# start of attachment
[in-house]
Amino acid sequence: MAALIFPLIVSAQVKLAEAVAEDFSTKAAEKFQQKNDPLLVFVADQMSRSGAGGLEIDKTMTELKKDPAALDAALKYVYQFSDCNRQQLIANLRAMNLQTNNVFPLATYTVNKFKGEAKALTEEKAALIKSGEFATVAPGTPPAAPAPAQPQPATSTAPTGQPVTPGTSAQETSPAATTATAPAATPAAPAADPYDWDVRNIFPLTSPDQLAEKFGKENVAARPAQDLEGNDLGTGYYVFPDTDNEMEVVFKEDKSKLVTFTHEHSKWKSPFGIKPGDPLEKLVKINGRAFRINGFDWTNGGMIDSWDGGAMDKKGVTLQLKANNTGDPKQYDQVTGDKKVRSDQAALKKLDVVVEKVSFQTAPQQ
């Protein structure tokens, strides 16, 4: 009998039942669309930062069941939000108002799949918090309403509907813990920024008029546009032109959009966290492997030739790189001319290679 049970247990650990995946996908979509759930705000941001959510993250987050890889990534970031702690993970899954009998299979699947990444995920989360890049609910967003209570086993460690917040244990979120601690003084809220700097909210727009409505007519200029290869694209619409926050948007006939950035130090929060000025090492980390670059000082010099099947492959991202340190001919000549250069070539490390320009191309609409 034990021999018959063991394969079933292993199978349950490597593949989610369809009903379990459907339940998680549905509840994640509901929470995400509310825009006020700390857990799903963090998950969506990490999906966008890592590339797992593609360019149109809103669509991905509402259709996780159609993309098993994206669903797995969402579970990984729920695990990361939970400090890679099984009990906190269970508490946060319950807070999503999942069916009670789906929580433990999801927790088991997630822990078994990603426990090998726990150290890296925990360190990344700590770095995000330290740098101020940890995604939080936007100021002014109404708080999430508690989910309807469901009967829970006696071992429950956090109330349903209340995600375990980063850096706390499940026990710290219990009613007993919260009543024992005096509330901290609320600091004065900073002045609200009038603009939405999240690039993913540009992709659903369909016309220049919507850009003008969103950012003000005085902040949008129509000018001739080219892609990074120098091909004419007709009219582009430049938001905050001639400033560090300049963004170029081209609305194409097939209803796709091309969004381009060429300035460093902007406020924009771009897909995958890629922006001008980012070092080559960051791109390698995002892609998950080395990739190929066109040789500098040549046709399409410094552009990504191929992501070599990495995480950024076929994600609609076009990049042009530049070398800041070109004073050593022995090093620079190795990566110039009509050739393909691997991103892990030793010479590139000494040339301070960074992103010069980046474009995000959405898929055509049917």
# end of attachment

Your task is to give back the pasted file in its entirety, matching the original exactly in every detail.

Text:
[in-house]
Amino acid sequence: MAALIFPLIVSAQVKLAEAVAEDFSTKAAEKFQQKNDPLLVFVADQMSRSGAGGLEIDKTMTELKKDPAALDAALKYVYQFSDCNRQQLIANLRAMNLQTNNVFPLATYTVNKFKGEAKALTEEKAALIKSGEFATVAPGTPPAAPAPAQPQPATSTAPTGQPVTPGTSAQETSPAATTATAPAATPAAPAADPYDWDVRNIFPLTSPDQLAEKFGKENVAARPAQDLEGNDLGTGYYVFPDTDNEMEVVFKEDKSKLVTFTHEHSKWKSPFGIKPGDPLEKLVKINGRAFRINGFDWTNGGMIDSWDGGAMDKKGVTLQLKANNTGDPKQYDQVTGDKKVRSDQAALKKLDVVVEKVSFQTAPQQ
């Protein structure tokens, strides 16, 4: 009998039942669309930062069941939000108002799949918090309403509907813990920024008029546009032109959009966290492997030739790189001319290679 049970247990650990995946996908979509759930705000941001959510993250987050890889990534970031702690993970899954009998299979699947990444995920989360890049609910967003209570086993460690917040244990979120601690003084809220700097909210727009409505007519200029290869694209619409926050948007006939950035130090929060000025090492980390670059000082010099099947492959991202340190001919000549250069070539490390320009191309609409 034990021999018959063991394969079933292993199978349950490597593949989610369809009903379990459907339940998680549905509840994640509901929470995400509310825009006020700390857990799903963090998950969506990490999906966008890592590339797992593609360019149109809103669509991905509402259709996780159609993309098993994206669903797995969402579970990984729920695990990361939970400090890679099984009990906190269970508490946060319950807070999503999942069916009670789906929580433990999801927790088991997630822990078994990603426990090998726990150290890296925990360190990344700590770095995000330290740098101020940890995604939080936007100021002014109404708080999430508690989910309807469901009967829970006696071992429950956090109330349903209340995600375990980063850096706390499940026990710290219990009613007993919260009543024992005096509330901290609320600091004065900073002045609200009038603009939405999240690039993913540009992709659903369909016309220049919507850009003008969103950012003000005085902040949008129509000018001739080219892609990074120098091909004419007709009219582009430049938001905050001639400033560090300049963004170029081209609305194409097939209803796709091309969004381009060429300035460093902007406020924009771009897909995958890629922006001008980012070092080559960051791109390698995002892609998950080395990739190929066109040789500098040549046709399409410094552009990504191929992501070599990495995480950024076929994600609609076009990049042009530049070398800041070109004073050593022995090093620079190795990566110039009509050739393909691997991103892990030793010479590139000494040339301070960074992103010069980046474009995000959405898929055509049917």